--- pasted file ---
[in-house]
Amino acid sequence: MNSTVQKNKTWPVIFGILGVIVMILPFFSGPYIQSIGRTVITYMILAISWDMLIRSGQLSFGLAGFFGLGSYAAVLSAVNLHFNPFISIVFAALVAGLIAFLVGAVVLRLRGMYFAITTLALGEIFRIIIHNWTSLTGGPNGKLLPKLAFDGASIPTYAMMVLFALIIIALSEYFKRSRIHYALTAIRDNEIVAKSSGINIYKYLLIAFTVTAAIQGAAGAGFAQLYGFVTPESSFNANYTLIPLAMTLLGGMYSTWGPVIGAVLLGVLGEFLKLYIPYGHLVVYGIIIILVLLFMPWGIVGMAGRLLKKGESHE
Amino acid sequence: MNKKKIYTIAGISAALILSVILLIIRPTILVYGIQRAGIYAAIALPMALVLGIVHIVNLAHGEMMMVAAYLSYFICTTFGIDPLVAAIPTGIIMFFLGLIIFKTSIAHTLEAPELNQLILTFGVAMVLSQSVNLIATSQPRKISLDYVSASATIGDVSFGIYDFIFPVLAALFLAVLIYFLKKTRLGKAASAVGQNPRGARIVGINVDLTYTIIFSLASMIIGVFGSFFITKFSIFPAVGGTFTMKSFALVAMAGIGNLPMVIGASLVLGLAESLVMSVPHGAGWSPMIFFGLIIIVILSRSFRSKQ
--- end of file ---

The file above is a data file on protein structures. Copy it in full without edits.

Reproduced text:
[in-house]
Amino acid sequence: MNSTVQKNKTWPVIFGILGVIVMILPFFSGPYIQSIGRTVITYMILAISWDMLIRSGQLSFGLAGFFGLGSYAAVLSAVNLHFNPFISIVFAALVAGLIAFLVGAVVLRLRGMYFAITTLALGEIFRIIIHNWTSLTGGPNGKLLPKLAFDGASIPTYAMMVLFALIIIALSEYFKRSRIHYALTAIRDNEIVAKSSGINIYKYLLIAFTVTAAIQGAAGAGFAQLYGFVTPESSFNANYTLIPLAMTLLGGMYSTWGPVIGAVLLGVLGEFLKLYIPYGHLVVYGIIIILVLLFMPWGIVGMAGRLLKKGESHE
Amino acid sequence: MNKKKIYTIAGISAALILSVILLIIRPTILVYGIQRAGIYAAIALPMALVLGIVHIVNLAHGEMMMVAAYLSYFICTTFGIDPLVAAIPTGIIMFFLGLIIFKTSIAHTLEAPELNQLILTFGVAMVLSQSVNLIATSQPRKISLDYVSASATIGDVSFGIYDFIFPVLAALFLAVLIYFLKKTRLGKAASAVGQNPRGARIVGINVDLTYTIIFSLASMIIGVFGSFFITKFSIFPAVGGTFTMKSFALVAMAGIGNLPMVIGASLVLGLAESLVMSVPHGAGWSPMIFFGLIIIVILSRSFRSKQ